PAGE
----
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Re: Gale eBooks cost MORE than print versions...

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  • Daniel P. B. Smith
    ... I couldn t figure out what this meant. So I consulted the URL and was dumbfounded to find the following: Gale e-books will be sold as individual units or
    Message 1 of 2 , Oct 1, 2002
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      > Prices for e-book versions of the
      > Gale collection will increase the prices of the print versions.

      I couldn't figure out what this meant. So I consulted the URL and was
      dumbfounded to find the following:

      Gale e-books will be sold as individual units or in bundles with
      print titles. Although final prices are not yet set, Barnes
      indicated that libraries purchasing only the e-book version would
      generally pay around 10-percent more than the price for the print,
      while purchasers of both print and e-book versions could expect to
      pay 150 percent of the print-only price. He admitted to having heard
      librarian complaints about higher charges for electronic versions,
      but assured me that the costs of hosting, maintaining, and
      supporting electronic products ran higher than printing, binding,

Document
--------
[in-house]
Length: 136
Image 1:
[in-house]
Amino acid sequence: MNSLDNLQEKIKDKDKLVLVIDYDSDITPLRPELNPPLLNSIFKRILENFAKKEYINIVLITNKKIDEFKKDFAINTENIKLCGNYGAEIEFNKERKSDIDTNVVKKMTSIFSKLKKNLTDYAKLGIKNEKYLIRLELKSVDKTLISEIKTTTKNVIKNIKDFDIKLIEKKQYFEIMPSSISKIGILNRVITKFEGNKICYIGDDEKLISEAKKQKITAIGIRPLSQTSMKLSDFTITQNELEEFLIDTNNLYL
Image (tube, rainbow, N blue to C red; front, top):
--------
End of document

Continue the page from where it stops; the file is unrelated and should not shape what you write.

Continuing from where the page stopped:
and shipping costs.

      Gammon said that she knew librarians found the higher pricing
      “counter-intuitive.” She too attributed the difference to what it
      cost to “maintain, build, and service archives, market products,
      design training materials, and supply customer support,” not to
      mention the technological innovation required to improve future
      functionality.

      Speaking of pricing, when Gammon was asked whether netLibrary
      purchases were permanent—i.e., whether libraries do not have to keep
      paying subscription rates to maintain ownership—she described
      netLibrary’s policy as follows: “Libraries have the options to pay
      15 percent of the price of the book annually or 55 percent of the
      price of the book one time. In the latter case, they own the title.
      In the first instance, they do not own the title.”

      I'm confident that in a year or so we'll see a news story "Gale drops
      eBook program," quote a representative as saying that "eBooks are dead;
      the projected demand just never materialized; those old-fashioned
      fuddy-duddy technophobe librarians just prefer the feel and smell of
      paper editions."

      --
      Daniel P. B. Smith
      Current email address: dpbsmith@...
      "Lifetime forwarding" address: dpbsmith@...